The following work contains nineteenth century maps and lists of districts:

  • A Guide to the Arrangement of the Registration Districts Listed in the Indexes to the Civil Registration of England and Wales. Second Edition. Salt Lake City, Utah, USA: Family History Library, 1977. (Family History Library book 942 V2icr 1977; film 990269 items 4–5; fiche 6020287)

The Family History Library has copies of the indexes. Go to the FamilySearch Catalog to find the film of fiche numbers for each year of birth, death or marriage.

  1. Go to the library catalog.
  2. Click Place Search.
  3. Type England and click Search.
  4. Click England in the list of results.
  5. Click the topic of Civil Registration-Indexes.
  6. Click one of the following titles:
    1. Index to the civil registration of births, marriages and deaths for England and Wales, 1837-1980. This set is on microfilm.
    2. Index to the civil registration of births, marriages and deaths for England and Wales, 1837-1983. This set is on microfiche.
  7. Click View Film Notes to see the film and fiche numbers.

Superintendent Registrars[edit | edit source]

If you know the registration district, you may wish to order a certificate from the superintendent registrar, since search policies are often more liberal and mail order requests less expensive than through the General Register Office (GRO). The GRO index reference numbers do not help the superintendent registrar locate records in his or her district. Registrars usually will not search marriage records because marriage registration procedures are so complex.

Addresses for superintendent registrars’ are found in:

  • The Official List of Registration Offices. London, England: Her Majesty’s Stationery Office, 1993. (FHL book Q 942 X4g 1993.)
  • District Register Offices in England and Wales. Fourth Edition. Yorkshire, England: East Yorkshire Family History Society, 1989. (Family History Library book 942 E4ew 1989.)

Addresses for the superintendent registrars can also be found on the Internet through the GENUKI Web site at:

Keep in mind that over time district boundaries have changed, and some districts have been abolished.

Records at the Family History Library[edit | edit source]

The Family History Library has microfilm copies of the civil registration indexes of all births, marriages, and deaths for England and Wales from 1837 through 1980. A microfiche copy of the indexes covering 1837–1983 is also available. The library does not have any actual civil registration certificates. However, under the section above, "Information Recorded in Civil Registers", note that post-1837 church marriages are an exact replica of the civil certificates of marriage. Thus the library has microfilms of church baptisms, marriages, or burial records for the same time period for many areas.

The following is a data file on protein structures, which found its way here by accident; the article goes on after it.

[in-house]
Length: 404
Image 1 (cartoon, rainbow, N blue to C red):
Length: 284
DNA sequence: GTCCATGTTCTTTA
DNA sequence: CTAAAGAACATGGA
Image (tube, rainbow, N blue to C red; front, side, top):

To locate the Indexes with their microfilm and microfiche numbers, type in ENGLAND in the 'Place Search' of the FamilySearch Catalog and search the topic 'Civil Registration - Indexes'. Here's a link to catalog entry for the Civil Registration Indexes of Birth, marriages and deaths for England and Wales.

They are also listed in the following book:

  • England and Wales Civil Registration Indexes on Microfiche and Microfilm. Salt Lake City, Utah: Family History Library, 1997. (Family History Library book 942 V2ic 1997).

Family History Library Training Online[edit | edit source]

Hands on keyboard.png Genealogy courses: Learn how to research from an expert in Civil Registration and Beyond.

The Family History Library offers an online series of five lessons on genealogical research in England entitled "England Beginning Research." This video series includes one lesson on Civil Registration and is available for anyone to view at their own computer. These lessons are available on www.familysearch.org in the Learning Center. You can navigate to the Learning Center from most pages on familysearch.org: In the upper right corner, click Get Help, then select Help and Learn Home. You'll see menu options near the top of the page. Click Learning Center, then search for "England Beginning Research." There are no registration or password requirements for viewing these lessons.